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Cipriano de RORE (c.1505-1565)
Portrait of the Artist as a Starved Dog
L’inffabil bontà del Redentore [2.16]
Era il belviso suo qual’esser suole [4.35]
Conviench’ovunque sua sempre cortese [4.41]
Come la note ogni fiammella é viva [2.35]
Alcun non puo saper [2.41]
L’inconstantia che seco han [3.09]
La giustitia immortale [2.13]
O moret eterno fin [3.23]
Se ben il duol [5.28]
Mia benigna fortuna [7.28]
Beato mi direi [5.35]
Poi che m’invita Amore [5.33]
Dissimulare etiam sperasti [9.29]
Se come il biondo crin de la mia Filli [2.08]
Mentre, lumi maggior [4.32]
Philippe VERDELOT (c.1480-1530)
Questa non son piu lagrime [7.16]
Guillaume MORLAYE (c.1510- ?)
Non son io che pal’in viso [2.09]
Grandelavoix/Bjorn Schmelzer
rec. 2016, Church of Saint John the Evangelist, Beaufays, Belgium
GLOSSA GCDP32114 [75.22]

To try to give you some idea of the way Grandelavoix approach their performance style in general and on this CD in particular, let me offer you two quotations. The first is from Jerome Roche’s book ‘The Madrigal’ (Hutchinson University Library 1972) in which he writes, on page 39: “…. (de Rore’s) prolific madrigal output is wholly serious in character – the light villanelle type did not interest him – and he is more concerned to capture the mood of the texts through musical devices of word-painting: each word must be set as expressively as possible in each vocal line”. But how did the original performers do this? In his booklet essay Bjorn Schmelzer, the director of this ensemble quotes Luigi Zenobi (c.1580): “The singer must know how to sing the piece in its simple form, that is without any passagio, but only with grace, trillo, tremolo, ondeggiamento (roll) and esclamatione”. This leads to an often-declamatory style of performance in which one voice not only stands out, seemingly randomly, but that voice forces the tone quality in order to add a special ‘esclamatione’. The effect can appear shocking, often mannered and sometimes, it seems to me, arguably ugly perhaps deliberately so. This has been their performance style on other CD’s (all recorded on Glossa) for example on their disc of Alexander Agricola (GCD P32105). But it also leads to many intensely expressive moments for example in the moving Poi che m’invita Amore but it can lead to tempi which are too slow to sustain even for these technically fine singers for example in the longest madrigal Dissimulare etiam sperasti which tells of the agony of Dido. And finally it can remind the listener that the madrigal books of Gesualdo were only just a few years ahead.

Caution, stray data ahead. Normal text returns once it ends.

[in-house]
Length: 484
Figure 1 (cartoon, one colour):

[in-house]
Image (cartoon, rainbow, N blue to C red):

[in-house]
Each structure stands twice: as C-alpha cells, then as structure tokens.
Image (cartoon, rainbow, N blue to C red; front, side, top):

Let’s now explain the extraordinary title of the disc. The generously illustrated booklet has, in all, eight illustrations, which explain and enhance Schmelzer’s essay. Two of them are of de Rore. On the one designed by Mielich (c.1550), I quote again “compressed the gaze of Durer’s angel” (in his woodcut Melencholia I )” with the physical features of the dog into a physiognomic portrait of the ‘divine artist’ and his controlled craziness or ‘divine fury’. He continues later that you can see “…..the starved, ascetic face of a skinny dog, the wide veins, red, bloody skin, furrowed brows, and an open gaze of the angel-all are striking features of melancholy”.
I hope that that is clear ! For me, there is much gobbledegook in this and I just wish that the music, and it is very fine music indeed, which is still largely unknown, was allowed to stand on its own.
So let’s briefly do that with a few examples. The programme is divided into three sections. The first, consisting of eight tracks, offers examples from de Rore’s early publications and madrigals by Verdelot and Guillaume Morlaye to demonstrate where de Rore started, as it were. The second part, consisting of three pieces “focuses on the dramaturgical interventions of de Rore in Ferrarese theatre tragedies” and the third with seven madrigals emphasises de Rore’s “mature and dramatic style”. As an example of a text, the following is typical, from Beato mi direi: ‘I would call myself blessed/if your heart was merciful towards me,/such as your words are promising’.
The six singers are joined by instruments, a perfectly acceptable idea, that is a lute doubling guitar and sometimes citerone used as a continuo and there is also a cornett, which adds ‘passagio’ to several of the madrigals. This is not perhaps always a successful idea but it does get some solo work as in an entire verse of Mia benigna fortuna accompanied elegantly by a lute. However in the canonic madrigal Conviench’ovunque there is a balance problem between instrument and voice.
As if de Rore’s word painting isn’t enough the instruments sometimes add further drama and intensity as at the end of Se come il biondo with some wild strumming for the last line “all then, like me, would become insane”.
Although the recording took place in a huge church in Beaufays, it is very closely miked and almost claustrophobic and has only a little atmosphere; you will need to turn down the volume to a much lower level than usual for such intimate music.
Finally the madrigals are offered in the original and are very well translated, we are told the author of the text where known but it’s a pity that we are never told from which book each of madrigals comes. I have quoted Schmelzer’s rather opaque essay – there is also a very interesting one on the citterone by Joël Dugot.
Gary Higginson



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